#Monkeypox #vaccine #affected
Monkeypox vaccine? What to do if affected (Photo illustration by Nikos Pekiaridis/NurPhoto via Getty Images) (Photo: NurPhoto via Getty Images)
HEALTH – Arm yourself against monkeypox. From this Monday, July 11, the Government will extend the vaccination against “monkeypox” to the “most exposed groups”, in particular homosexual people, trans people with multiple partners, people in prostitution and professionals in places of consumption. sexual, regardless of the status of these places after the opinion of the High Health Authority (HAS) to that effect.
In France, according to the latest figures, as of July 7, 721 cases have been confirmed, including 473 in Ile-de-France. At the moment, the spread of the virus is mainly among men who have sex with men (98% of cases in France).
In this setting, the ARS (regional health agency) Île-de-France has announced the opening of new vaccination centers for people with contact cases. The new categories eligible for preventive vaccination “will be able to start making appointments starting next week, that is, this Monday, if they wish,” announced Jérôme Salomon, Director General of Health, on July 8. Press conference. The vaccine should ideally be administered within 4 days of the date of the last risk contact and a maximum of 14 days later.
How is monkeypox spread?
Monkeypox (its name in English), reminiscent of ARS, has two modes of transmission. As with Covid, prolonged contact within 3 meters with someone who carries the virus can promote transmission due to droplets and respiratory secretions.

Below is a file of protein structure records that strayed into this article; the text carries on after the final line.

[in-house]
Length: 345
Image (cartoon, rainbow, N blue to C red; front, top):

The other main mode of transmission is “close and direct contact with this person through skin lesions (wounds, scabs), body fluids (blood, saliva, semen) or mucous membranes (mouth, anus, natural mucus-producing orifices). )”, and contaminated. objects.
At this time, monkeypox is not considered a sexually transmitted infection. DNA from the virus has been found in the semen of sick people, but it is not yet known if this is enough to transmit the disease.
Early symptoms of monkeypox
What makes the rapid detection of monkeypox particularly difficult are its early symptoms, which closely resemble those of the flu or Covid: fever, headache, chills, muscle aches.
Another particularly alarming sign is inflammation “of the glands located around the ears, in the neck and on the back of the neck.”
This first wave of so-called “invasive” symptoms appears after an incubation period “which can vary from 5 to 21 days (7 to 14 days observed on average)”. A fairly long period that can make it difficult to identify the polluting person. SPF also underlines: “Most of the cases investigated state that they cannot identify the person who allegedly contaminated them.”
When pimples appear
Monkeypox disease then manifests itself by the appearance of pimples on the body, usually within one to three days of the first symptoms, explains Health Insurance.
“The whole body can be affected, especially the palms and soles of the feet, the face and the scalp. Depending on the mode of contamination, these lesions can affect the anogenital region and the buccal mucosa.
These lesions evolve until they are filled with a liquid -particularly contaminant- before drying up. The health authority recommends covering the lesions with a bandage or cloth to avoid contamination.